Madman Case Study

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capabilities as a normal perceiver. Though apples would appear what a normal perceiver would call green, a non-normal perceiver could still discriminate a Macintosh apple from a Red Delicious apple. Non-normal perceivers are thus functionally identical to normal perceivers. Nida-Rümelin, furthermore, argues that the experiences of non-normal perceivers would significantly differ from those of normal perceivers because of their inverted color perception. Because the cones of non-normal perceivers are not simply switched, their perception of red would stimulate areas of the brain that normally perceive green and vice versa. As a result, the experiences of non-normal perceivers would be drastically different those of normal perceivers. However, …show more content…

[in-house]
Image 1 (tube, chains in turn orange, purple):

Lewis struggles to fit the Madman, whose mental state ‘pain’ is caused by irregular stimuli and causes irregular effects, within the functionalist model. Though Lewis ultimately places the Madman into the normal human population as an irregular case, I contend that the Madman could be better described through a causal analysis at the individual level. Such an analysis would be effective because the Madman’s mental states are only functionally irregular compared to the remainder of the human population. When he is considered as an individual, it is revealed that his mental states are apt to be caused by certain stimuli and are apt to cause certain responses, although these stimuli and responses differ from those of the normal population. Such an individual analysis could also functionally explain unique creatures that would typically resist conforming to Lewis’ notion of appropriate population. Thus, a fifth category of appropriate population, namely the individual X, provides a deeper functional understanding of secondary qualities and unique individuals such as the

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